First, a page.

Sheri Wells

October 30, 2023

SIU’s Tenney lecture to look at evolving communication, even with space aliens

by Pete Rosenbery

CARBONDALE, Ill. — Keeping an open mind and considering other possibilities, including communicating with space aliens, is the centerpiece of a Nov. 2 lecture hosted by Southern Illinois University Carbondale’s University Honors Program and the School of Languages and Linguistics.

Sheri Wells-Jensen, an associate professor of linguistics at Bowling Green State University and a 1993 SIU Carbondale alumna, will present “Interstellar Challenge: Would blind aliens build telescopes?” at 5 p.m. Thursday, Nov. 2.

The presentation in Morris Library’s John C. Guyon Auditorium is part of the Charles D. Tenney Distinguished Lecture series and is co-sponsored by the College of Liberal Arts. The presentation is free and open to the public. The lecture will also be available via Zoom; registration is available.

Media advisory

To arrange for interviews, contact Lauren Stoelzle, University Honors Program, at 618-453-2824 or

Wells-Jensen’s presentation fits with the honors program’s “Cosmos and Culture” theme, said Jyotsna Kapur, University Honors Program director.

“As we prepare for the total solar eclipse in April 2024, the theme has a special significance for us locally,” Kapur said. “Yet, there is a long history of humans imagining our relationship with those far in space and those in close proximity, such as other forms of life on our own planet. Imagining the cosmos is as much an exercise in science and technological invention as it in world-making and artistic creation.”

Kapur hopes the presentation “will fire up people’s imagination about the creativity of the human species and how taking vision for granted limits our ability to grasp our relationship to the cosmos.”

Expert in xenolinguistics

Wells-Jensen notes there is more than one way “to be alive in the universe.” She is an expert in xenolinguistics — which is the study of the forms of potential languages and language systems used by nonhumans. Wells-Jensen, who is fully blind, believes the job of anyone who wants to understand another living being “is to question our assumptions, set them up in a row on a shelf and knock each one down one after the other.”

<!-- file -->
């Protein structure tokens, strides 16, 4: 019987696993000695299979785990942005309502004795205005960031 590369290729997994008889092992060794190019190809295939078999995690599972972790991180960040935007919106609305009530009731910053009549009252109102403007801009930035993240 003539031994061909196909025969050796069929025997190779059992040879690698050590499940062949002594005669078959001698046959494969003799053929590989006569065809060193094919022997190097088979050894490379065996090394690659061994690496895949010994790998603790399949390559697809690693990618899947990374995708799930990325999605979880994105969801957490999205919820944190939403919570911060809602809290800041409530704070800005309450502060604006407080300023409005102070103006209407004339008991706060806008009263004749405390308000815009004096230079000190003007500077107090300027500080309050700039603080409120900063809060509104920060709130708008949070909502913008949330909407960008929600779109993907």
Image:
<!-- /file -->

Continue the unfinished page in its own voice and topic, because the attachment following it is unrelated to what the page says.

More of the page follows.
“The point is to own the reality that we don’t know who or what or what’s are out there,” she said. “We have to do what we can to remove ourselves from the center and pay attention from another perspective. Since we don’t know what any extraterrestrial, or ET, intelligence will be like, we have to be as open as possible.”

One start is to begin with stereotypes about blindness, she said. “For example, how would blind aliens live their lives, do science and create technology, and can we begin to apply that kind of open-mindedness to each other?”

Contact with aliens would be a “worldwide phenomenon, shaking the foundations of everything we know,” she said.

“We will have to be very clever and very wise. It’s a good idea to prepare for something that huge,” she said. “The obvious result of this kind of work is that we will be more ready for ET when they appear. The less obvious, but more immediate result, is that maybe we will find out more about ourselves as we search for ET and maybe become better humans.”

Involvement with NASA

Wells-Jensen is the Baruch S. Blumberg NASA/Library of Congress chair in astrobiology, exploration and scientific innovation at the John W. Kluge Center at the Library of Congress. She has worked as a linguistic consultant at NASA’s Jet Propulsion Laboratory and as ground support crew for flyers with disabilities aboard zero-G missions.

Earlier this year, Wells-Jensen spent six days in a hermetically sealed habitat at the University of Arizona Biosphere 2 to learn what it would be like living on Mars or the moon. The experience was “an honor wrapped in a privilege tucked into an awesome opportunity,” she said.

“I learned that access to space is not as far away as we might have thought; that we already know most of what we need to do to make a space habitat accessible to anyone,” she said, noting space is a “profoundly dangerous environment.”

“We may not intend to send disabled people into space, but it’s a good bet that space will disable many of them once they are there. So we have to plan for that — make sure the structures, tools and procedures we put in place will still work for astronauts who become disabled far from home.”

Wells-Jensen contributed a chapter, “Cognition, Sensory Input, and Linguistics: A Possible Language for Blind Aliens” to “Xenolinguistics: Towards a Science of Extraterrestrial Language,” which Jeffrey Punske, associate professor in linguistics, co-edited. She is also working on a book about disability and space.

Returning to campus

Wells-Jensen recalls making the “daily hike from family housing to Faner Hall.” She earned her master’s degree in Spanish and applied linguistics in 1993.

“I learned a thousand things and met some extraordinarily kind and clever people. I am glad to be visiting,” she said.

The lecture series honors Tenney, whose 42-year history with SIU Carbondale included duties as coach, professor and administrator. He served as the university’s provost and vice president from 1952 to 1971 before he retired in 1973. He was instrumental in organizing, planning and transforming SIU Carbondale from a teachers college to a comprehensive research university.